Over three decades Matt Bouttell has viewed aviation from the maintenance hangar, the dispatch office, the regulator’s ‘ivory tower’ and the cockpit. What struck him most in this varied career were the common elements, rather than the differences. Bouttell was recently appointed to lead Recreational Aviation Australia, an organisation he says plays a vital part in the development and reputation of all Australian aviation. Here he discusses his goals as CEO.
I’ve just ticked over 30 years in the aviation industry, which began as an apprentice engineer at Qantas. Now, to have the opportunity to take a leadership role in an organisation is a bit of a dream, I suppose. And being a pilot and an aircraft owner, I’ve always really enjoyed working with the general aviation and recreational aviation crowd and I thought I could offer a lot in this role.
RAAus is a sub-set of the industry but we’re a very big player, therefore, we need to get away from the ‘us and them’ mentality – we’re all playing in the same sandpit. I’m really excited about trying to change that conversation.
We’re all playing in the same sandpit.
We all have a role to make sure we’re safe and that it’s feasible to play safely with little aeroplanes. I call them little aeroplanes but many recreational aviation and general aviation aircraft are highly complex machines and form part of a vitally important sector in our economy. For example, if there wasn’t general aviation, there wouldn’t be enough LAMEs to service commercial aviation. I feel the same about recreational aviation – it provides people with the opportunity to get their foot in the door and work their way towards whatever they may choose to do, either commercially or just for fun.
In the past you’ve found your major career changes have coincided with catastrophic global events – 9/11 and the pandemic – but you emerged unscathed. Even so, are you hoping for less upset and recovery this time?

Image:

True! But I’ve been very fortunate that my career has been diverse, from – literally – nuts and bolts to high-level planning.
At Qantas last year, I was really lucky not to be stood down. In fact, I was doing two jobs – because I had such a diverse skill set, I was able to be a jack of all trades. I was involved in the drawing of the kangaroo [for the last flight of a Qantas 747] and repatriating Australians during the COVID-19 pandemic. Then the job at RAAus came up. I had achieved a lot at Qantas (during three different stints) and with the recreational sector powering along, it presented a lot of opportunities.
Does that experience help you now?
Hugely. What I’ve found over the years is that I’ve got such a broad understanding of the industry therefore I can piece the puzzle together in my head to see where other people are coming from. I think that’s a really important skill because, too often, our industry leaders assume they know what the other person is thinking when in fact if they haven’t experienced it its difficult to be empathetic.
What’s the most important safety issue for RAAus?
Obviously, SMS [safety management system] is really important, but I think we need to be very cognisant of the fact that when people are doing this stuff for fun, we don’t want to overcomplicate it. We know that as soon as you mention SMS, some people get scared off, so it’s got to be a lot more practical. For me, it’s about being pragmatic so, without calling it an SMS, let’s just learn from our mistakes without blaming anyone and make sure we have barriers in place so we don’t realise a catastrophic event. That’s my take on SMS.
Probably my overarching safety message is that, while RAAus operates on an informed participation concept – with (mostly) self-declared medicals, aircraft that meet standards but aren’t necessarily certified – we still need to ensure that when we’re playing in the sandpit with those people who are moving uninformed participants around – such as the airlines – that we actually play our part and recognise and respect other peoples’ right to be safe.